Saifullah's uncle, an elderly survivor of the night in question, says his hands and feet were tied and he was moved to a holding area with women and children. He heard gunshots soon after. Two of Saifullah's brothers were found dead in a nearby field, his cousin was found dead in a neighboring home, and he found his father lying face-down, dead, in his own home.
A report by The Guardian also showed that the British Army was found directly responsible for at least 300 civilian deaths in Afghanistan, due to documents that showed that paltry sums were given to bereaved Afghan families, in compensation for killing their family members, including dozens of children.
War on Iraq (2003 - )
In January 2004, mobile phone footage revealed how nine British soldiers dragged four boys into their barracks and beat them senseless. Eight carried out the beating and one was filming and imitating the boy's cries as they were pleading for them to stop. When the case was brought to public attention a couple of years later, it was said that the statute of limitations had expired and that it was not in the public interest to prosecute the soldiers.
The camera zooms in and out as the soldiers beat them. A soldier walks up to one boy and kicks him between the legs. Another punches a boy in the head and stomach. The soldier filming keeps up a steady patter. “Oh yes! You’re going to get it,” he says. He imitates their screams for mercy. “Oh please! Please no!” Other soldiers pass in and out of shot, apparently indifferent.
Stories began to leak over the years of the involvement of British soldiers in abuse, murder, and torture against Iraqi civilians.
It was revealed that in fact, British soldiers had a shoot-to-kill policy against unarmed civilians in Iraq, particularly during the British occupation of Basra between 2003 and 2007.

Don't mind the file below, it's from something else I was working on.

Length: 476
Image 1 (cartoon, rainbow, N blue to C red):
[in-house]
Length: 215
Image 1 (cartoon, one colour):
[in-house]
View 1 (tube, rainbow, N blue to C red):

“I was one of the people who were targeted while I was walking in Al-Zubair Bridge area in Basra. They targeted passersby with bullets,” one Iraqi said. “There were a lot of civilians in the area which is near [the station].
“This was in April 2003. The British were killing anyone who was just walking around."
Amnesty International also revealed this back in 2004, clearly pointing out that British troops were involved in the killing of Iraqi civilians.
Moreover, hundreds of Iraqis detained during the Iraq War revealed that British soldiers tortured them, with some being awarded compensation by the UK, or agreeing to settle out of court. However, nothing substantial took place in terms of accountability, despite the ICC finding that indeed war crimes had been committed by British soldiers in Iraq.
A slush fund for terrorists in Syria (2011 - )
As for Britain's most recent adventure, investigative journalists from Declassified UK were able to uncover that the UK has funded terrorists aiming for regime change in Syria, with 350 million pounds being spent in the years from 2016 to 2021 alone.
Although the UK has refused to say which opposition groups it has aided in Syria, the documents reveal that this huge slush fund was directed toward areas where terrorist groups were prevalent. Perhaps more astonishingly, the project's launch coincided with the resurgence of the Al-Qaeda-affiliated Hay'at Tahrir Al-Sham.
UK intelligence agencies were also found to have been funding the same opposition groups as Swedish national Bherlin Gildo, who was on trial on charges of terrorism.
Moreso, the report says that "the figure of £350-million is an underestimate since it does not include activities financed from the UK’s so-called 'black budget', including intelligence operations."
Britain's involvement in massacres, atrocities, and war crimes around the world in the past 70 years is there for all to see. However, the extent of Britain's involvement, and how much it has been able to cover up over the years remains a mystery.
Elizabeth's Britain isn't a story of human rights, development, and a change in the course of British history. If anything, it is merely an extension of Britain's colonial, imperialist past, albeit under a new guise.